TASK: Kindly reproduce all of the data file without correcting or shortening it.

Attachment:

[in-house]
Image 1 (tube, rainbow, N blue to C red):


[in-house]
Image 1 (tube, rainbow, N blue to C red):